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Corporate social responsibility: Behind diamond tycoon Savji Dholakia's success when top honchos failed

Savjibhai Dholakia
By Satyakam Mehta
Meet Savjibhai Dholakia, son of a humble agriculturist from Amreli district of Saurashtra region of Gujarat, now heading an industrial trading empire worth Rs 6,000 crore. At a time when top Indian industry captains are still trying to work out modalities of corporate social responsibility (CSR), seeking consultants' and NGOs' "help" for a job which they think has thrust upon them by law, Dholakia has done it without perhaps having heard about it: He has “gifted” his 1,200 employees cars, houses and jewellery to their wives as Diwali bonus!
Dholakia, who has built his diamond polishing and export empire over the last one decade in Surat, told Counterview, that he has “presented” Fiat Punto cars, each costing over Rs 5 lakh, to 500 of his employees. “We surveyed every employee according to his needs. If he had a car but not a house, we arranged that. Somebody who had both, we arranged for jewellery for their wives,” he proudly declared.
Dholakia said the reason he gave such bonanza as bonus to his employees was, he was “one of them one day”. He insisted, “When I started out on my own, I used to cut and polish diamonds. Gradually, I had two-three employees and we all would do the same job. I would sometimes train them and train myself in the process.” One who speaks in Gujarati with Saurashtra accent, Dholakia “ignored” any question this correspondent asked in English language question – and for obvious reasons.
At home...
This correspondent asked him, what is social responsibility (CSR)? He just shrugged and grinned. In fact, he hasn’t bothered to wait for a law on CSR, and he wasn’t even aware. He did not have to either. He revealed, “I gifted some Maruti cars to a select section of staffers when I did’t have much money. This must be early nineties when the Maruti was available for around Rs 52,000… This was my investment. It could be business, but now it also has social spin-offs.”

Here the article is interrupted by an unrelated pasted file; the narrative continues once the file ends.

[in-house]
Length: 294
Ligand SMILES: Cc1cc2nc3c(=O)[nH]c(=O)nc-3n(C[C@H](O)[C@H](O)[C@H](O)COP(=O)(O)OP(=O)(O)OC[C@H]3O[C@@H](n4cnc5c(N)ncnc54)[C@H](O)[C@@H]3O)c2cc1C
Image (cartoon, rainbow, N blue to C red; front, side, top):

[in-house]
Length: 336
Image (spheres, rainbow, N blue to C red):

The industry magnet picks up his cell phone every time, even if a stranger calls. He laughed aloud when this correspondent asked him about this; he replied, “My biggest responsibility is that I have no responsibility, and that’s probably why I am always available.” When his email id was sought, he grinned, “Message me your email and I will ask my staff concerned to mail you what you want. I don’t know how to operate the internet.”
At work...
Dholakia operates in India’s diamond capital of Surat that cuts and polishes 80 per cent of the precious stone exported from the country. His turnover was just about Rs 1 crore in 1991. His father Dhanrajbhai Dholakia was an agriculturist who wasn’t sure about the future of his four sons and, like many others from Saurashtra, especially Amreli district, wanted his sons to shift to Surat to work as labourers in the diamond cutting and polishing industry. Reason: The parched lands of Saurashtra did not give enough income to eke a decent livelihood.
“Father wanted, but I didn’t wish to leave my native village to an unknown destination. But I left school when I was in standard fourth since there were no educational facilities beyond standard five around our village in Amreli district,” Dholakia, who now struts around in a Mercedes which he has not changed for the last one decade (while the family has several versions of the world’s most famous car), informed Counterview.
It was at the age of 13 that Dholakia moved to Surat to engage himself as a diamond worker. He remained an artisan for a decade since then. Then he started on his own, and now his entire family of 28, including his parents, brothers and their families, are part of the entire Hare Krishna Exports. He said he and his four brothers and his two sons all have bonhomie. “There are no contests, no tussles about the control of the company. We all are together and so are our employees,” Savjibhai goes on. “I return to them what we have jointly learnt, what they learnt from me and what they did for the company,” he added.

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